Oh, my word ladies, I’ve been journaling. I absolutely love to journal but somewhere along the way, from being a child to being a mother, I lost the art journaling, of slowing down, of mindfulness. Sure, I write… but for a cause, for a purpose, for a career … but for myself? That’s decreased over time.

It’s even more rare that I pick up a prompted journal. You know the journals that tell you what to write? I have enough people telling me what to do, who needs that?

But I have this journal, “A Mother’s Legacy- Your Life Story in Your Own Words.” At the top corner of the book it states, “A Loving Gift for Your Children.”

Ladies, I do not fear dying, but I do I want my children to remember me as a loving gift to them.

At the prompting of a friend, I have been journaling to them for quite some time. To you new mommas, do it! To you older mommas, do it still!

Those early years of journaling were a bit more scattered and infrequent, but there is still laughter amidst the pages, heartache and pain, memories and treasures. But my favorite part? Their identities begin to shine and sharpen through each page. I can see them growing up into themselves and it is pure joy!

But let me tell you how I got here to this prompted journal (that I never pick up) and what that journal ignited in me today.


The front yard of my house ain’t much- a little corner of the earth really (and it was ugly from its start). I’ve worked on it for the last couple of years (hesitantly, because what are the odds that I am staying here? In this city? In this house?). Is it worth the dig and potential bloom? This year I spent a whopping forty dollars at my local Exchange. I put new flowers in old cracked pots, moved my backyard chairs into the front yard (I call it a backyard, it’s a 5 X 7 slab really, there’s nothing to it, not even a fence line). Anyway, I moved those backyard chairs into the front yard, added a good book and a cup of my favorite coffee…and voila-peace!


It sounds silly I know …but as I sit here with my coffee and laptop, looking at my handsome children sitting in their chairs, doing their favorite things, hot cocoas in hand, I am reminded that there really is something to this pause. This sacred space in my little corner of the earth.

There’s something to digging and developing whatever part of the earth you’re in.

I know it’s trivial to plant roots in a place where someone else will reap the harvest, or worse, likely not care for it at all, but it’s hard for me to call a place home if I live like I am always passing through.

Prompted Journaling

So, I sit, prompted journal and pen in hand. The book begs the question, “What are some of the most memorable books you read as a child”?  What made them memorable”? And like lightening sparking and ricocheting off the page, I begin to see this tapestry of my life, book by book.

My Favorite Childhood Books and What They Instilled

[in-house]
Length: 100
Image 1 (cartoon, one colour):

• “Oh, the Places You’ll Go” by Dr Seuss- taught me to be silly but brave.
  • “Where the Sidewalk Ends” by Shel Silverstein- taught me to be unique and to think outside the box. 
  • “The Giving Tree” by Shel Silverstein- taught me compassion and kindness; to give more, take less.
  • “Superfudge” by Judy Blume- taught me everyone has an annoying sibling and to just lighten up about it. And that one day…I may actually really love that person.
  • “Charlotte’s Web” by E.B. White- taught me to love everyone in spite of differences and to fight to protect life.
  • “Black Beauty” by Anna Sewell – taught me to be strong and majestic, to run wild and free.
  • The Anne Series “Anne of Green Gables” and “Anne of Avonlea” (specifically) by Lucy Maude Montgomery- taught me chivalry is not dead but boys can be a little mean (especially when they love you). And that simple living really isn’t simple at all. Also, we all have ‘Matthews’ that we will inevitably lose. And we all know small orphans and that they have the potential to become beautiful men and women we all deeply need.
  • Emily Dickinson and Edgar Allan Poe taught me the beauty of a well-formed and well-articulated word and that words don’t have to come in perfect, precise sentences but should engage deep emotion.
  • And my mother….ya, ya, I know she isn’t a book but we do all tell a story. She taught me how to read them all! How to pick up a book and sit comfortably in a place of peace, in a little corner of the earth set out just for me. She taught me how to pick up a pen and put it to a page to create life or death through the power of words (which in my youth were likely hurting more than helping).

These books, these pages … they formed an identity in me that I may not have developed if I’d never flipped their pages. So dear mommas, teach them, ahem…read to them, well. Write to them well and as the well-articulated band, Need to Breathe so eloquently states it, “Beg the Book to Turn the Page…”, because we all have a little bit of identity wrapped up into what we instill in these fragile little minds.